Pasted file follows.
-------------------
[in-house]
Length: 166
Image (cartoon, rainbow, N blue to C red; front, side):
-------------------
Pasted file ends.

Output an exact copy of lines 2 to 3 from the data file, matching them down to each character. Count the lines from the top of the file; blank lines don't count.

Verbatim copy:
Length: 166
Image (cartoon, rainbow, N blue to C red; front, side):